Note: You can vary the flavors by using other fresh spring herbs in place of the basil — lovage, chervil, even plain old flat-leaf Italian parsley will be very good.
Main photo: The first asparagus of the season is a welcome garden treat. Credit: Copyright 2016 Nancy Harmon Jenkins
“Fire is a language all its own. It’s magical. Mysterious.” No, these are not the words of a committed arsonist, but rather Francis Mallmann, one of South America’s greatest chefs, a man famous for his deftness with this most elemental of cooking tools.
Raised in Patagonia by an Argentinian father and Uruguayan mother, the 60-year-old Mallmann waxed poetic on the subject of fire when we sat down to talk at his Restaurante Garzón in the tiny Uruguayan town for which it is named.
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Garzón is a curious place for a world-renowned chef to put down roots, but then Mallmann is a curious figure — part master craftsman, part culinary shaman. He opened his first restaurant in the Argentinian Andes at the age of 19 before moving northeast to set up shop in the Uruguayan beach resort of José Ignacio, a summer destination for the Argentinian upper crust. During the off-season, he staged in some of France’s most legendary kitchens, under the likes of Roger Vergé and Alain Senderens.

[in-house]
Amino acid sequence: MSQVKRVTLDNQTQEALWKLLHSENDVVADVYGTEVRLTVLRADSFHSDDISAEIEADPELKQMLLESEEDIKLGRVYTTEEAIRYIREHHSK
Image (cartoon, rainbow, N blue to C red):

By the age of 40, he’d reached the top of his field, winning Le Grand Prix de l’Art de la Cuisine from the International Academy of Gastronomy, but instead of viewing the award as validation, he saw it as a wake-up call. “It made me sad. I’d forged a path through European cuisines, but I didn’t have my own culinary language.” In an effort to find it, he turned back to his childhood and began investigating the native cuisines of the Andes and other parts of South America.
A small town draws big names
His search led him to Garzón, a place he describes as having a wonderful aura. “It’s got great bones — the streets, the trees, the beautiful old houses. There’s a peaceful quality here.” He wasn’t the only one who saw the potential; I’d gone there in March as the guest of Bodega Garzón, a winery established by Alejandro Bulgheroni, an Argentinian oil tycoon who’s one of the world’s richest men.
To describe it as Uruguay’s most ambitious new winery isn’t saying much in a country smaller than Missouri that’s home to more cattle than people, but Bulgheroni’s $85 million project is not what you’d call a shoestring operation. Covering more than 520 acres, the complex includes a restaurant, a private wine club and an olive oil production facility that resembles a modern Tuscan villa, and there are plans to build a boutique hotel amid the vines. Mallmann was brought in to help design the kitchens and create the menus.